During a completely different scene in UC Berkeley, Andrew tells to a guy who seems very into him that his lies only matter if people know that they are lies: it doesn’t matter if someone thinks that he is half-Jewish, or that Gianni Versace thinks that they are so alike. “You tell gay people you’re gay, and straight people you’re straight,” the guy murmurs just before that, holding his hand as Cunanan looks around them nervously, making sure that nobody is watching. “Every time I feel like I’m getting close to you, you say you’re someone else.” Those very words summarize the role of Cunanan both in the story and his own life, he is an empthy shall, a ghost one, if you would; filling his insides with the stories he hopes to be heroes of.
It is a not a secret, though, that the series is interested in exploring the gay culture and the involvement of homophobia in the series of killings done by Andrew Cunanan, on the contrary, the tagline for it clearly reads that silence killed more than an icon. Not just silence, too, but also ignorance. There are flyers of Andrew in a detective’s car, waiting to be handed out, and it is later learned that the police department “forgot” the investigate a clue about Cunanan; which had information about his where-abouts nearly a week before the murder of Versace. There is a lot more to be explored, of course, but the intention is clear.
For the most part, it is the power of the actors that push The Assasination to the top, especially when two players are left alone. Édgar Ramírez is subtle in his mimics and powerful in his words as the titular character with an undeniable resemblence of facial structure to his real life counterpart. Penelope Cruz shoulders the sense of grief and duty gracefully in Donatella’s shoes from the moment she walks into the scene, and Ricky Martin puts on an unexpected show for the viewers as Antonio D’Amico, Versace’s secret lover. Their importance to the story become apparent in smaller scenes, in which one of them, for example, D’Amico is being interviewed by detective Scrimshaw (Will Chase) who is seemingly not able to grasp what kind of partnership may there be between him and Versace. Just as Donatella puts it, “the victim is judged” too, because of his lifestyle and his orientation, and it is clear as the morning sky that The Assasination wants to look at something deeper than just the killing in hand.
But above them all, rises Darren Criss, looking so same yet so different from his days of working in Glee as Blaine Anderson. He is heart-breakingly convincing in his portrayal of a serial killer who the world knows so little about, and captivatingly thrilling in his inception of lies and manipulation. Murphy uses the charisma and the precision Criss holds to build a strong bridge between the concept and the story, too, and thank God it works, avoiding what coul have been a true disaster. Cunanan’s lust for finer things in life; designer clothes and expensive hotel rooms, champagne and silk; put him in a great position as an examination field into the larger perspective of gay culture of the 1990s. It is clear how what he wants to be, and it is clear why he thinks he can’t be those things; so he builds layers and layers into his identity until there isn’t a core one, just different masks for different social cliques and demographics. In one of the final moments of the episode, his hand falls over his mouth as he watches the news about Versace’s murder, copying the reaction of the woman standing in front of him; but you see from the movements of his cheeks that he is smiling behind the cover. There’s a mania surrounding him, a dark aura, an impossible puzzle.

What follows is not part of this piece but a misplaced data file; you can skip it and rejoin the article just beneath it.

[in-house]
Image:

On a different note, another powerful side of The Assassination Of Gianni Versace is how magnificent it looks. The colours are vibrant, the sets are grand; especially Gianni’s mansion. Donatella’s entrance, as she walks down from a private plane into a black limousine is one for the ages. Red shadows linger in Colossus, and a production light hits Cunanan directly in his face after the opera. Visually, the show tells a story in itself, told by colours and angles, revealing secrets and working hand in hand with the script of Tom Rob Smith (London Spy). In one of the quiter and earlier scenes of the episode, Cunanan stands near the bed of his friends, and he holds his penis on top of his underwear. He looks dangerous even without a gun in his hand. Later, he quickly steals magnifying binoculars when walking among other opera watchers, his hand movement quick: it is an interesting contrast between the sweaty delusion of his later-self and his much more collected, cool version of back then.
It is hard to guess where The Assassination is going to, even though there is no questions about the end point. But again, the question here isn’t what, it is a why; and somewhere in there, there is bigger point waiting to be made, about truth and identity. Both journey — into the past and into the future — have intriguing dilemmas and story points here; and in the centre, two men, looking at each other. It seems like this is going to be an enjoyable ride, either way, and one that I can faithfully recommend that you take if you are captivated by mind games and interpersonal drama as much as I am. Or, maybe you just look looking at pretty people acting in expensive clothes and watching as they intimidatingly threaten and seduce each other, and you already know that is the show that you need in your life.